- 2a) Incomplete or unfinished article – essential character of complete or finished article
- 2b) Mixtures or combinations of that material or substance – GIR 3
- 3a) The most specific description shall be preferred
- 3b) Material or component which gives the essential character
- 3c) Last in numerical order among those which equally merit consideration
- 4) Heading appropriate to the goods to which they are most akin
- 5a) Containers
- 5b) Packing materials and packing containers
- 6) Mutatis mutandis subheadings
In complex case may be necessary to consider
- the nature of the product
- what it is made from
- what it is used for
- what is its
- functions in what form will be imported
- its technical specifications
In some cases, evidence may be required from technical or engineering sources to understand the intrinsic nature of the product. It may be necessary to bring in those who have been involved in creating the product in order to give a proper brief on the nature and function of the product. In some cases, businesses seek to engineer products with a view to their qualifying for lower tariffs.
There can be many sources of uncertainty. New products may not be readily classifiable as they do not fit within the existing logical order of the code. Products may be classified in accordance with function but there may be multiple functions. It can happen the different customs authority allocate different treatments to the same item. Ultimately a binding tariff information gives a degree of comfort and certainty for a period.
Although Internet searches may be a very crude starting point, reliance on industry sources and particular the manufacturer is likely to be more reliable. Most customs agents will not take on the risk classifying goods given the potential for errors and will require the trader to ascertain the correct commodity codes.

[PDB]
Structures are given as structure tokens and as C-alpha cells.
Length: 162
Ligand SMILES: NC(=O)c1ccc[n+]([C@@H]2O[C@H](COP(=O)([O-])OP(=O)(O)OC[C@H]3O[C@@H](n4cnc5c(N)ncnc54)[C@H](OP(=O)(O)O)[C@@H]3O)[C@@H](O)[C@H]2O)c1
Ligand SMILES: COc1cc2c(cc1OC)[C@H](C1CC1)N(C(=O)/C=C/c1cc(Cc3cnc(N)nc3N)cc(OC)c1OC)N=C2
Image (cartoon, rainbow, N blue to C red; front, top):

Applying the Tariff
The effect of classification is that the requirements applicable under the tariff for that classification apply. It will specify the rate of duty. It will also specify a preferential rate of duty that may apply in respect of is from countries with which there is a trade agreement for imports from countries with enjoy the general system of preferences or the enhanced general system of preferences.
The tariff will also set out any additional import’s charges due over and above standard customs duty. It may specify applicable nontariff barriers and regulatory requirements.
It is possible to see the treatment that applies to third countries with which there is no agreements i.e. the default Brexit treatment from the EU perspective (and possibly from the UK perspective), as well as other conditions and measures that apply to the import or export of the goods concerned. The Canada rate may represent the possible UK rate for EU imports, as it is held up as a model.
Typically, a rate of duty is prescribed with reference to a percentage of value. Most tariffs in most sector are between zero and twelve percent and many are below 6.5%. This is much lower than was once the case and is a result of gradual decreases over the last six decades. In some cases, tariffs are higher and, in some cases, significantly higher, reflecting peculiar trade policies perhaps protecting particular sectors in the EU or a country.
The tariff will set out those (limited number of) cases where quotas apply so that so much of the product only be imported under a licence at a particular rate into the EU as a whole and after that, a higher rate will apply. The licence may be available, for example, from the European Union Commission on a first come first served basis.
In some small number of cases, the tariff applies with reference to weight, a particular ingredient or a combination of weight plus value. This is most commonly found in relation to agricultural products and foods. This is defined in the tariff. The tariff will set out other licensing obligations and regulations that may apply.
The EU tariff is available here https://ec.europa.eu/taxation_customs/dds2/taric/taric_consultation.jsp?Lang=en
The tariff classification lists the “erga omnes” treatment i.e. that for countries with which there is no trade agreement i.e. the likely default Brexit treatment. This is the likely dutes that apply in a no deal Brexit. The rate under existing trade agreements are also shown. It will commonly be nil or close to nil in most cases.
The TARIC also sets out regulatory and licensing requirements that may apply.